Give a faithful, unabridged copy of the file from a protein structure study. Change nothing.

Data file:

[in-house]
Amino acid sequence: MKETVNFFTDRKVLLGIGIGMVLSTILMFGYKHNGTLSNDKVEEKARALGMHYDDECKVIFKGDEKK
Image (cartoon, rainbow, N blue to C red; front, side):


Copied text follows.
[in-house]
Amino acid sequence: MKETVNFFTDRKVLLGIGIGMVLSTILMFGYKHNGTLSNDKVEEKARALGMHYDDECKVIFKGDEKK
Image (cartoon, rainbow, N blue to C red; front, side):